Gov. Andrew Cuomo’s surprising announcement Thursday that L train service won’t shut down in April for repairs—as the MTA and city officials have been planning extensively for more than two years—likely brought a sense of relief for many Brooklyn commuters.
But the governor’s plan, in which the L train will continue to run as repairs are made on nights and weekends instead, also raises questions: Namely, why didn’t officials come up with such a solution earlier, before the years of public hearings and preparation for a complete, more than year-long shutdown?
The optics of Thursday’s announcement, in which a plan devised in only a few weeks by Cuomo’s group of engineering experts replaced years of careful planning by the MTA, undermines the credibility of the transportation authority at a time when the agency is already struggling with its public image, experts say. It comes at a particularly crucial moment for the MTA, as the agency looks to drum up support from state lawmakers to fund its multi-billion dollar Fast Forward plan to fix the subways.
“If this is technically feasible, it’s a good question why the MTA didn’t consider it a while ago,” says Jon Orcutt, director of the transportation group TransitCenter. “The reality is that the MTA is going to Albany to ask for a huge amount of money right now to rebuild the system, and this is not a good time to take that credibility hit.”
Cuomo says his solution is the product of “fresh eyes” and “innovative engineering methods” that have yet to be used on a project like this in the United States. The new plan will relegate repair work on the Canarsie tunnel to nights and weekends only, when one tube of the tunnel will remain open to allow L train service to continue.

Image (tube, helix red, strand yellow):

“Now, the MTA has done a very good job, the city has done a very good job in trying to alleviate the problems with the L train closing. A lot of people worked very hard and I applaud them,” the governor said during Thursday’s announcement—before going on to declare that his solution was better. “I had the best experts on the planet look at it, and this is the best way that it can be done,” he said.
The move, Orcutt says, raises the question: “What is going on inside the MTA?”
“If the governor has to directly intervene to force innovation, that’s not good,” he says.
Others expressed similar sentiments, including former City Council Speaker Melissa Mark-Viverito, who’s currently running for public advocate.
“Of course everyone wants the subway fixed quickly and running smoothly, but the MTA and the governor owe New Yorkers the truth about why this new plan came so late in the game,” she said in a statement. “After two years of being told one story, New Yorkers deserve to know what systematic failures led to a shutdown being deemed necessary before all options were explored.”
MTA Chairman Fernando Ferrer offered up an answer to this question Thursday–namely, that the engineering techniques proposed by Cuomo’s experts are so new and unique that the MTA didn’t consider them an option.
“So you might ask, well why wasn’t this approach considered earlier?” he said. “The answer is that the integration of these approaches, and there are several, and the technology has not been previously applied in the context of a rehabilitation project.”
But not everyone is buying that explanation.
“You’ll pardon transit riders for being skeptical that a last-minute Hail Mary idea cooked up over Christmas is better than what the MTA came up with over three years of extensive public input,” John Raskin, director of the transit advocacy group Riders Alliance said in a statement.
“Actual transit professionals, who owe nothing to the governor or the MTA, should evaluate whether this is sound engineering or a political stunt that will ultimately leave riders in the lurch,” he added.
Though Cuomo’s plan was presented Thursday as a mostly done deal, the governor told reporters during a conference call Friday morning that it still needs to be approved by the MTA board, according to reports.